There never seems to be a programme about children in poverty, despair or crisis (if we distinguish between the three) the broadcast of which cannot be described as “timely”. That is bad enough, but American Nightmare: Trump’s Breadline Kids (Channel 4) could not be timelier. That is true on his side of the Atlantic and on ours, as the airwaves of this septic isle fill with the sound of elected officials asserting that, for good moral and economic reasons, hungry children should not be fed via the public purse.
This latest instalment of the ever-reliable Dispatches series was recorded in Ohio over four months that took in the arrival of Covid-19 and the Black Lives Matter protests that spread across the US after the killing of George Floyd. It follows the stories of five young people, representing different facets of poverty. Kyah, 14, and her sister Kelia, 18, along with their mother, Becky, are part of the hidden homeless population. They have been sofa surfing with friends and relatives since Covid-19 hit the job Becky was about to start and left the family without an income. Unable to pay rent, they lost their home and then, as they waited for emergency benefits to come through, their possessions. The storage facility auctioned them off to cover the fees they could not pay on time. “Nobody chooses to be poor,” explains Kyah. “Sometimes it can look like that because they give up and accept it, but I don’t think nobody would choose to live this way.” The family are sharing one room at a friend’s house.
Illness pulled the rug from under the feet of 13-year-old Shawn’s family. He, his mother, Crystal, and his baby sister, Dior, have been living in a tiny trailer since his mother was diagnosed with a kidney disease and, for the first time in her life, had to stop working. The lack of space means his 15-year-old brother, Edward, lives with their grandmother. They live on $400 (£310) of food stamps and $485 in other benefits a month. Crystal works 80 hours a month at the local Salvation Army food bank to qualify for the latter (despite being too ill to work) and Covid-19 food shortages have halved the purchasing power of the former. Raised by a father who was a member of the KKK, she takes her mixed-race sons to BLM protests “so that they know what it feels like to come together”. She remembers the time their grandfather burned a cross on the front lawn as the worst moment of her life.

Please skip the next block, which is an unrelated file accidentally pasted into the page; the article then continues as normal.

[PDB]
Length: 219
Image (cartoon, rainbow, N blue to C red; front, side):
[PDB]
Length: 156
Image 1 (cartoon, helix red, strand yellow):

Working-family poverty is embodied by 12-year-old Laikyen. She and her sister are, of necessity, mostly left to fend for themselves during school-free lockdown, while their mother works all hours at the local petrol station. They survive thanks to the fact that they own their home (bought with a $10,000 loan taken out in better days) and receive parcels from the local food bank. There, Laikyen – who has attention deficit hyperactivity disorder and was held back in kindergarten (“Because I was not smart”) – has her beloved “Miss Candy”, who sits with her and tries to create an oasis of calm in the child’s life to enable her to pay attention to schoolwork. “We’re going to get that ‘D’ up!” she assures the distressed Laikyen. “I don’t care!” she replies. “You do care,” says Miss Candy. “I care. It’s just a lot on you right now.”
On it goes, illustrating deftly in an hour the innumerable life chances already absent from these children’s lives before more were stolen by the pandemic, by the president, by the lack of a sufficient safety net for people who fall.
Worst of all, it is a bagatelle. These children are not the worst off. They are not long-term, “fully” homeless. They still have a cigarette paper or two separating them from the abyss. They have not been separated from their parents and caged. Within the ever-widening pool of people harmed by Trump, his enablers and his most venal supporters, they are among the luckier ones.
The documentary comes, of course, just before the US election. Let’s hope for a better tomorrow.